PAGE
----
Can You Live With An EV In A City Like Melbourne Without A Home Charger?


Battery electric vehicles have both supporters and critics who are equally passionate about their beliefs. While I personally enjoy the benefits of electric propulsion, I wanted to explore whether an EV is practical to live with in Melbourne, Australia’s second-largest city, with a population of over 5 million. Fortunately, the local branch of Hyundai provided me with the keys to an Ioniq 5, enabling me to put it to the test in various everyday-life scenarios.

A crucial limitation of this experiment was that my Airbnb apartment lacked access to a home charger or any type of plug whatsoever. This meant that I had to rely solely on the public charging network, a situation I had previously encountered in Athens, Greece, with less than favorable results.

Optimism Turns Into Anxiety

I received the Hyundai Ioniq 5 Epiq press car fully charged, with a decent range figure of 423 km (263 miles) displayed on the dashboard thanks to the 77.4 kWh battery pack. After my 25 km (15 miles) drive home and knowing I would live with the Ioniq 5 for a couple of weeks, I checked Hyundai’s built-in navigation system and Google Maps for available chargers nearby.

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To my surprise, a large area near the beach, including Albert Park and Middle Park, proved to be nearly devoid of chargers. However, there were plenty of options in the CBD (Central Business District) and a few close to my apartment in Port Melbourne, leaving me feeling optimistic about the future.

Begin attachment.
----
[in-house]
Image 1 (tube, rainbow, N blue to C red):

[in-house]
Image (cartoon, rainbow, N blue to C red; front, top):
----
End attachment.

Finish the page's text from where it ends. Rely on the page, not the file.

More: We Experienced The Nightmare That Prospective EV Buyers Are Afraid Of

Thanos Pappas / Carscoops

A few days later, while I still had plenty of range, I decided to check the two available chargers within a 1 km (0.6 mile) radius, to make sure they worked. To my surprise, there was no sign of charging plugs in the dedicated pins, no matter how hard I looked. The next closest EV charger was approximately 3 km (2 miles) away, located in the parking space of an electrician supplies store. Unfortunately, it was Sunday, and I was greeted by closed doors.

I was happy to see there was another option in a luxury car dealership nearby where I found as many as seven chargers and an equal number of dedicated EV parking spots that were accessible 24/7. Not having much time to spare at this moment, I pinned that spot and returned to my daily schedule with peace of mind.

Beware Of The Slow (And Broken) Chargers